Volunteering at Work in 2013

The late Peter Drucker, who was awarded the Presidential Medal of Freedom in 2002 in recognition of his path-breaking contributions to the field of management, believed that organization leaders should always think of their employees as volunteers.  He wasn’t suggesting that good work should go unpaid.  Rather, he was highlighting the fact that there is a substantial difference between the performance required of most workers to keep and progress in their jobs and the performance those workers could deliver if fully-engaged in their work.  In other words, fully-engaged employees are almost always volunteering to a great extent, choosing to give their all not because they have to but because they choose to.  This voluntary aspect of work is particularly important for “knowledge workers,” those who have significant discretion in how they do their jobs.

Drucker’s insights on employee volunteerism force all of us to rethink our roles as leaders and as employees of our organizations.  He reminds us of our human desire to motivate and be motivated, and to work for someone and something that we believe in.

Tapping into employee volunteerism isn’t just the right thing to do; it is increasingly a business imperative.  In industry after industry, traditional structural sources of competitive advantage – such as regulatory protection or privileged access to key resources – are becoming less common in the wake of global competition, deregulation and privatization.  As a result, most companies find it increasingly difficult to differentiate themselves through structural advantages alone.

Intangible assets, on the other hand, are becoming increasingly important performance drivers and sources of potential competitive advantage.  Corporate culture, intellectual capital, and the ability to spot and move quickly on new opportunities are examples of such intangible assets.  These assets cannot be separated from the attitudes and behaviors of the organization’s people.  In fact, it is safe to say that fully-engaged employee “volunteers” lie at the heart of advantages that companies like Southwest Airlines enjoy in otherwise poor-performing industries.

I am fortunate to know Jim Parker, the former CEO of Southwest. Jim’s book, Do the Right Thing: How Dedicated Employees Create Loyal Customers and Large Profits, is rich with inspirational tales of employee volunteerism at Southwest and how they paid off for the company.  When off-duty flight attendants and pilots help serve in-flight beverages and service planes on the ground, customer satisfaction rises, and Southwest gets its most expensive assets – its planes – back into the air faster, allowing for more flights and more passengers to pay for those planes.  When a Southwest gate agent goes out of her way to personally return a passenger’s lost Blackberry, she has earned the company a customer for life – one who will stick with the airline even in the toughest economic times.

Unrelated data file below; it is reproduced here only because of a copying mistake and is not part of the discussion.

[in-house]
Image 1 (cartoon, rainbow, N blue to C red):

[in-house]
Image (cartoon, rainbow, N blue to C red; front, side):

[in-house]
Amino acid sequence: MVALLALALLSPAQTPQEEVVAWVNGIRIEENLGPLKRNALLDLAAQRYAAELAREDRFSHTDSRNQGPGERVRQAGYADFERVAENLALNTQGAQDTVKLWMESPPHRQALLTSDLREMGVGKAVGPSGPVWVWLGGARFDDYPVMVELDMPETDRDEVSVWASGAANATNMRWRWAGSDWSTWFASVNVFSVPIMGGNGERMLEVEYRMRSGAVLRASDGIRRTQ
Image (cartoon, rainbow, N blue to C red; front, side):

Why do employees at Southwest choose to volunteer on the job seemingly more so than employees at other airlines?  They believe in the organization’s mission and values.  They believe that their work matters.  They respect, and may even really like, their bosses and co-workers.  Not surprisingly, these are the same reasons you might volunteer to coach a Little League baseball team, serve food at a homeless shelter, or lead community outreach efforts for your church.  If you keep these simple truths in mind, you can be a better and happier boss and employee.

Let us all resolve to put Peter Drucker’s and Jim Parker’s ideas to work in 2013.

If you are a boss, resolve to:

  • Share and discuss your organization’s mission and strategic plan with your staff, explicitly identifying the role each person plays in the organization’s success.
  • Spend more time on staff professional development, giving more timely praise and direct, constructive feedback so that all are better positioned to reach their full potential and appreciate how much their work really matters.
  • Get to know your staff as people.  They don’t park their relationships, aspirations, interests, and non-work-related capabilities at the office door.  If you want to inspire volunteerism at work, you have to understand what matters most to your people.

Even if you don’t manage others, resolve to:

  • Identify the times in life (work or otherwise) where you have chosen to volunteer.  What compelled you to volunteer?  Why did you engage so fully?  And if you aren’t volunteering in your present job, try to identify why not.
  • Armed with this information, make a conscious choice about whether to look for a new job or organization to work for even in this difficult job market.  If you aren’t fully engaged at work, you owe it to yourself and colleagues to increase your engagement if possible, and if not, to find a place where you will volunteer.

Don’t let yourself or your staff spend another year merely working for the weekend.  Let 2013 be the year that you start volunteering again at work.

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